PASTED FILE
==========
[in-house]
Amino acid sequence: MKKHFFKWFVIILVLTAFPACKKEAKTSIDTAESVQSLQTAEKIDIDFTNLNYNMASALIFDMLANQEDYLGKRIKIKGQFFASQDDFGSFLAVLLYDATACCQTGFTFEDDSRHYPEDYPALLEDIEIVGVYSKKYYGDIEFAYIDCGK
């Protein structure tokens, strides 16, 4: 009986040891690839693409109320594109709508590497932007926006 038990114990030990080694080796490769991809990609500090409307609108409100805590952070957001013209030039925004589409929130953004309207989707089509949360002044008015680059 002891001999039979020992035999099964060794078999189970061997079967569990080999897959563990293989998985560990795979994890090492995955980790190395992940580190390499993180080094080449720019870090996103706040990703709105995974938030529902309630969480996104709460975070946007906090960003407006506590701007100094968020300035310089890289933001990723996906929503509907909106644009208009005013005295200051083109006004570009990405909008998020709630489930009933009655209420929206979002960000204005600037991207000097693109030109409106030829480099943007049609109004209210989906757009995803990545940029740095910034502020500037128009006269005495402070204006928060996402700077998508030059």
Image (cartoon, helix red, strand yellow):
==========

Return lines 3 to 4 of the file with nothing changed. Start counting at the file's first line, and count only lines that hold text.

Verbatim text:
């Protein structure tokens, strides 16, 4: 009986040891690839693409109320594109709508590497932007926006 038990114990030990080694080796490769991809990609500090409307609108409100805590952070957001013209030039925004589409929130953004309207989707089509949360002044008015680059 002891001999039979020992035999099964060794078999189970061997079967569990080999897959563990293989998985560990795979994890090492995955980790190395992940580190390499993180080094080449720019870090996103706040990703709105995974938030529902309630969480996104709460975070946007906090960003407006506590701007100094968020300035310089890289933001990723996906929503509907909106644009208009005013005295200051083109006004570009990405909008998020709630489930009933009655209420929206979002960000204005600037991207000097693109030109409106030829480099943007049609109004209210989906757009995803990545940029740095910034502020500037128009006269005495402070204006928060996402700077998508030059």
Image (cartoon, helix red, strand yellow):